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AI-powered Innovation

Architect of many revenue-generating
deep-tech/AI platforms, products & enterprise transformations…

See Portfolio for list of our recent or notable projects.

About our CEO, Paul Golding

Originally from the UK, our principal, Paul Golding, is a winner of the prestigious IEE prize with over 30 patents in a wide array of advanced technologies including AI, AI Safety, Signal Processing, Computer Vision, Computational Aesthetics, Blockchain, Digital Marketing and Analytics.

He has a somewhat unique philosophy about work, which you can read more about here.

He has spanned roles from highly-technical individual contributor and inventor to running global innovation teams that have driven major digital transformation programs for giants such as Telefonica and O2 UK.

Paul has built dozens of real AI systems used in commercial applications with his first patent in 1996 during the so-called “AI Winter”. He understands the huge gap between AI-in-theory and AI-in-practice applied to revenue-impacting problems.

He has built and run six R&D “innovation labs” (“start-ups” within an org) providing both product and technical vision with hands-on involvement in actively inventing proprietary techniques and new product categories. 

In 2011, he moved to Silicon Valley after being awarded a rare self-sponsored “Genius Visa”.

He designed his first commercial product (X.21 fibre-optic multiplexor) whilst still at university (aged 18) for which he was  awarded the international Von Rheinhold Nostrand innovation prize and the prestigious IEE prize, rarely given to undergrads.

At only 24, he won the coveted Motorola global engineer of the year for a novel parallel processor design that enabled radical scaling of cellular networks: a method since used in trillions of GSM calls.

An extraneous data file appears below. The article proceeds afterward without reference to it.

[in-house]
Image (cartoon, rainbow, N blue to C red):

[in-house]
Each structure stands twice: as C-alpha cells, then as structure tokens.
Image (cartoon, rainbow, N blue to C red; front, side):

He went on to become one of the inventors of the mobile app and wrote several leading text books in the field for Wiley Publishing. He built the world’s first text messaging gateway (for Lucent Technologies) and the world’s first mobile portal for Netscape.

He pioneered various machine learning and AI techniques in digital cellular, which earned patents related to co-processor architecture and computational acceleration. This created a new business line for Motorola worth hundreds of millions of dollars.

For McLaren Racing (Formula One) he pioneered one of the first stream-processing real-time analytics engines that became a flagship product for the McLaren Applied Technologies division.

For O2, he led the creation of their start-up incubator and innovation lab. In addition to launching a brand new business line in telecoms platforms, he designed a novel programming language (connFu) for coding telco apps that cut development time by 10x. Start-ups were incentivized to build solutions atop of the platform as part of a more strategic innovation plan.

Paul has held interim Chief Scientist, Chief Architect and CTO roles at a number of leading orgs across multiple continents, often working alongside a high-performing sales team (he is fully trained in SPIN selling).